Soon we make the right turn at Nordhoek and head north onto Chapman’s Peak Drive. You just can’t describe the beauty of this place. You’re winding along the cliffside, perhaps 500 or 1000 feet above the Atlantic, with a sheer drop down to the waves crashing on the rocks below. Eventually Jess decides she doesn’t want to ride shotgun anymore. She keeps saying, “We’re really high up ….”
We stop at a couple of pull-outs to enjoy the view. Gershon notices the beginnings of a path at one of them. I look around for any signage that indicates restrictions, and there are none.
Well. Let’s see how far down this thing goes. I start down tentatively, looking for trail, and keeping in mind that we have to get back up eventually. The trail is pretty clear, and the grade is doable, though there are places where you have to be careful. We inch our way forward—downward—and stop often to reassess.
To make a long story short, several call it a day along the way and head back up, but Gershon, Michaela, Charity, Emily, Sarah, and I make it all the way down to the water. It’s invigorating. And oddly enough, we’re not cold anymore; in fact, we’re taking off layers, and the very cold ocean spray feels very good.
Now to get back up. Since we’ve been attentive, there are no places that have us trapped, though the climb is quite strenuous, and I have to stop and rest more than the others. And there are plenty of places where we have to remind ourselves to Not Be Stupid. But in due course we all arrive back at the top, exhilarated and, in my case, exhausted.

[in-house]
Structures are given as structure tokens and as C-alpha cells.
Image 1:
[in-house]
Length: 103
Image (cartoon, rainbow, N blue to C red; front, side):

That was really fun.
Along the rest of CPD and through Hout Bay. We have just enough time to go straight to Signal Hill and catch the sunset before getting some supper.
At the top of Signal Hill we find a coffee truck, and pretty much everybody gets some. At one point the service is slow enough that I’m concerned that we’ll be standing in line, backs to the sunset, when the sun goes down. But eventually we get our hot drinks and walk up the path to my favorite viewing spot, by an old tree trunk that you can climb and sit on top of.
And now it’s cold again. There’s a stiff breeze atop the hill, and I peeled off all those layers and left them in the van. We stay long enough to see the sun go down, and to enjoy the wide view of the city, the harbor, the soccer stadium from the World Cup in 2010, and of course Table Mountain, with the tablecloth of cloud hanging over the edge and slowly creeping down to the city below. Just beautiful.
Time to get back out to Kuilsrivier and get some supper. We’re planning to eat out tonight. I decide to go out to the mall where we ate lunch on Sunday and hit Spur, a steak/burger chain. Some have steak, some have burgers; Sarah has a lamb chop; and, ever wanting to try new things, I get a bacon and banana burger.
Seriously. It’s quite good.
And home. We’re tired again, mostly from our own foolishness. But what a hike it was.
We talk a little bit about cultural differences between what we’re seeing here and what we’ve seen in Ghana and Tanzania, spend some time in prayer, and head to bed.